Stepparenting: Smoothing Conflicts through Active Listening

There are many tricks to the trade of mediation -- the art of conflict resolution. There is however, one tool in particular that we mediators use to promote good communication in our everyday lives: Active listening. Active listening involves listening to the troubled party, then summarizing and repeating back her concern. When doing this, if we are correct in our assumptions, we validate feelings with our understanding. If our assumptions are wrong, it gives the other party an opportunity to clarify her feelings.

In mediation, I often use active listening to help disgruntled divorced parents understand the other's point of view. After listening to both parties explain their concerns, I might begin the session by saying something like, "So what you are telling me is that you feel your ex-wife is undermining your visits with the children by not helping them to prepare for the visit." The angry parent would then clarify by saying, "Yes, when I arrive the kids are never ready and they resent having to hurry. This colors our entire visit." Or, "No, it's not that she doesn't help them prepare. They are ready to go when I arrive to pick them up. It's what she says while they are preparing: 'I'm going to be so lonely in this big house while you are gone' makes the kids feel awful about leaving, and that colors our entire visit." The bottom line is that one parent feels sabotaged by the other, but why is the key to resolving the conflict. Knowing why allows one parent to be validated and also points out what the other parent may be doing to undermine the noncustodial's attempts to stay in contact with his or her children.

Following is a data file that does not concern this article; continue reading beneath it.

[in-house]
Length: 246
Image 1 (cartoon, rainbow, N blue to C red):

How can you use active listening on your journey toward becoming a bonus family? It's not uncommon for stepfamily members to think they understand why the other is doing something, but they may be wrong. Operating on a misconception only complicates communication. Active listening can help.

Let's use a common problem between stepparent and stepchild as an example. As the conversation progresses, you will see that all is not what it seems. We will say the stepchild present is in his early teens and does not get along with his stepfather of three years. The tension in the home is high because the stepparent has evolved into the family policeman. Everyone is on edge, and everyone, including the biological mom, resents the stepparent's interference.

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